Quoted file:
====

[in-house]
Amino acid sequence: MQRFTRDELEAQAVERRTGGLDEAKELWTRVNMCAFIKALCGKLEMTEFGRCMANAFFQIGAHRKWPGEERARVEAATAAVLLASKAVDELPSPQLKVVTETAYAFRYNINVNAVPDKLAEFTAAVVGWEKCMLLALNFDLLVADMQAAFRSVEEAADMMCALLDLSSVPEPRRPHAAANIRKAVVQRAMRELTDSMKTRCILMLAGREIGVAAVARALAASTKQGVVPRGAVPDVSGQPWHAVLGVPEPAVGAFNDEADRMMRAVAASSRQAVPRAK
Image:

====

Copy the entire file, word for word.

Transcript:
[in-house]
Amino acid sequence: MQRFTRDELEAQAVERRTGGLDEAKELWTRVNMCAFIKALCGKLEMTEFGRCMANAFFQIGAHRKWPGEERARVEAATAAVLLASKAVDELPSPQLKVVTETAYAFRYNINVNAVPDKLAEFTAAVVGWEKCMLLALNFDLLVADMQAAFRSVEEAADMMCALLDLSSVPEPRRPHAAANIRKAVVQRAMRELTDSMKTRCILMLAGREIGVAAVARALAASTKQGVVPRGAVPDVSGQPWHAVLGVPEPAVGAFNDEADRMMRAVAASSRQAVPRAK
Image: